Community in the City

Submitted by Rachel Elizabeth on July 8, 2013 - 9:50am

At the recent Neighbours gathering that was hosted by Tamarack, there were many conversations about community.  In particular though, a group of us gathered for an intentional conversation on the Tuesday afternoon in Victoria Park.  The following insights are from this conversation.

One of the members of our group, talked about her experience moving from the country to the city.  In the country she had always felt like the odd ball.  Since the small community was so close knit, there was no real place for her to fit in.  Because of this, "community" began to take on a negative connotation for her; it meant judgment or not fitting in.

Later in her life, she escaped to the city.  At first she felt overwhelmed; there were people everywhere.  In her rural background, meeting people was less common so it was normal to stop and talk to most people you saw, or at least make eye contact and nod.  There was always some form of recognition of the other person.  In the city there were way too many people for this to occur.  She was exhausted simply walking down the street from all the social interaction.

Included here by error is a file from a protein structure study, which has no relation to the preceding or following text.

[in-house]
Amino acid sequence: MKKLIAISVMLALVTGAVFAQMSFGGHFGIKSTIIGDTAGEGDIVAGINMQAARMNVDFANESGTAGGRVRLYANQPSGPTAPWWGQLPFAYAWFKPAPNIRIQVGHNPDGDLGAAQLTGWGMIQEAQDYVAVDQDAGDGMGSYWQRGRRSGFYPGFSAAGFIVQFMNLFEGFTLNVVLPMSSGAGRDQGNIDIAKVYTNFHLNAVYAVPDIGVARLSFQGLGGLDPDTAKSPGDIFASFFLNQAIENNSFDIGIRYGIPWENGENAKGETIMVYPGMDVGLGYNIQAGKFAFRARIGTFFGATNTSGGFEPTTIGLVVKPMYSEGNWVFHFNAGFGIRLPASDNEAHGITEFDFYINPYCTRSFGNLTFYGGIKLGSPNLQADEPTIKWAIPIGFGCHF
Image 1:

With time, though, she began to adjust, she stopped trying to interact with everyone and they started to function more like a stream that flows around you. 


Her home in one of the high rises in downtown Toronto became a sanctuary.  All around her was a buzz of energy and activity, but behind her front door was a quiet tranquility. 


The anonymity she found here in the city was freeing.  No longer did she worry about being judged, she was just another member of the stream.  Because of the enormous diversity of people all in such a small space, she was able to find her niche’s where she fit in, where she felt home.

 She was now able to be part of community on her own terms, to engage with the buzz of activity and with her community of friends where she fit, when she wanted to, and then also to be able to close her door and feel the peace and tranquility of being alone.

 Must we always connect?  Maybe there is value in being alone, it allows you to recharge, balance yourself out, and get a deeper sense of self that helps you stay rooted.